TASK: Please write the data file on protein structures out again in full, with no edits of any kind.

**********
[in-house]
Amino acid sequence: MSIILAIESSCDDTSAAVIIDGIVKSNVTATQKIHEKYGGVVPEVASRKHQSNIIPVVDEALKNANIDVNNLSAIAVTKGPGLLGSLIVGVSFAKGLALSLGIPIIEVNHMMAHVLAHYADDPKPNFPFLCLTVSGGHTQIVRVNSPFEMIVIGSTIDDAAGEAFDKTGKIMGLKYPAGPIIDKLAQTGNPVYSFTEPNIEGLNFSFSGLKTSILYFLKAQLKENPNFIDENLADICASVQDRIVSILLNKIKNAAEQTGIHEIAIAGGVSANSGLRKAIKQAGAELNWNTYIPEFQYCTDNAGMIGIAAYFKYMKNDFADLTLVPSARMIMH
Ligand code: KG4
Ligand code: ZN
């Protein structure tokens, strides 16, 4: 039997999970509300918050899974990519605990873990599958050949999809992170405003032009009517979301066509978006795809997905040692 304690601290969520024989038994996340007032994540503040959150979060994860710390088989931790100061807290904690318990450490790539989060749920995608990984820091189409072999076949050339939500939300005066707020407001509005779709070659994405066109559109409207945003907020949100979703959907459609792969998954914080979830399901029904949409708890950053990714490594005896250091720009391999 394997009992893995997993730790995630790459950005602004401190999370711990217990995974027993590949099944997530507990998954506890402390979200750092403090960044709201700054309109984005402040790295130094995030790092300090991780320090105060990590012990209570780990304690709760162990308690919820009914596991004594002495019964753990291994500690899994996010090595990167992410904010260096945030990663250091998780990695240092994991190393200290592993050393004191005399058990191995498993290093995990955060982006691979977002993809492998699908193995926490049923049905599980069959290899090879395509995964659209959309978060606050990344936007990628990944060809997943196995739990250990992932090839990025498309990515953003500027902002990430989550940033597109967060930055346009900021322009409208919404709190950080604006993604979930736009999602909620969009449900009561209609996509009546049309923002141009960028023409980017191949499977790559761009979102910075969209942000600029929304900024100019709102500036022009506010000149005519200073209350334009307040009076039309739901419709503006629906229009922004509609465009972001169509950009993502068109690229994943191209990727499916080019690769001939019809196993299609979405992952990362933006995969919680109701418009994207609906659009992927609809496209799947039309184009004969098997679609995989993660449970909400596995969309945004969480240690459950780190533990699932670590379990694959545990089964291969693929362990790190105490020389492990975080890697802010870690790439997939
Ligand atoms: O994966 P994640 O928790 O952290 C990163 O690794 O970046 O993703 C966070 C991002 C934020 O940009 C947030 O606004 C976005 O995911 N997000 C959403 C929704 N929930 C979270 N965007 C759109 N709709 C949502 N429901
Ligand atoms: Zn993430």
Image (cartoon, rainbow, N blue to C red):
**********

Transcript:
[in-house]
Amino acid sequence: MSIILAIESSCDDTSAAVIIDGIVKSNVTATQKIHEKYGGVVPEVASRKHQSNIIPVVDEALKNANIDVNNLSAIAVTKGPGLLGSLIVGVSFAKGLALSLGIPIIEVNHMMAHVLAHYADDPKPNFPFLCLTVSGGHTQIVRVNSPFEMIVIGSTIDDAAGEAFDKTGKIMGLKYPAGPIIDKLAQTGNPVYSFTEPNIEGLNFSFSGLKTSILYFLKAQLKENPNFIDENLADICASVQDRIVSILLNKIKNAAEQTGIHEIAIAGGVSANSGLRKAIKQAGAELNWNTYIPEFQYCTDNAGMIGIAAYFKYMKNDFADLTLVPSARMIMH
Ligand code: KG4
Ligand code: ZN
């Protein structure tokens, strides 16, 4: 039997999970509300918050899974990519605990873990599958050949999809992170405003032009009517979301066509978006795809997905040692 304690601290969520024989038994996340007032994540503040959150979060994860710390088989931790100061807290904690318990450490790539989060749920995608990984820091189409072999076949050339939500939300005066707020407001509005779709070659994405066109559109409207945003907020949100979703959907459609792969998954914080979830399901029904949409708890950053990714490594005896250091720009391999 394997009992893995997993730790995630790459950005602004401190999370711990217990995974027993590949099944997530507990998954506890402390979200750092403090960044709201700054309109984005402040790295130094995030790092300090991780320090105060990590012990209570780990304690709760162990308690919820009914596991004594002495019964753990291994500690899994996010090595990167992410904010260096945030990663250091998780990695240092994991190393200290592993050393004191005399058990191995498993290093995990955060982006691979977002993809492998699908193995926490049923049905599980069959290899090879395509995964659209959309978060606050990344936007990628990944060809997943196995739990250990992932090839990025498309990515953003500027902002990430989550940033597109967060930055346009900021322009409208919404709190950080604006993604979930736009999602909620969009449900009561209609996509009546049309923002141009960028023409980017191949499977790559761009979102910075969209942000600029929304900024100019709102500036022009506010000149005519200073209350334009307040009076039309739901419709503006629906229009922004509609465009972001169509950009993502068109690229994943191209990727499916080019690769001939019809196993299609979405992952990362933006995969919680109701418009994207609906659009992927609809496209799947039309184009004969098997679609995989993660449970909400596995969309945004969480240690459950780190533990699932670590379990694959545990089964291969693929362990790190105490020389492990975080890697802010870690790439997939
Ligand atoms: O994966 P994640 O928790 O952290 C990163 O690794 O970046 O993703 C966070 C991002 C934020 O940009 C947030 O606004 C976005 O995911 N997000 C959403 C929704 N929930 C979270 N965007 C759109 N709709 C949502 N429901
Ligand atoms: Zn993430």
Image (cartoon, rainbow, N blue to C red):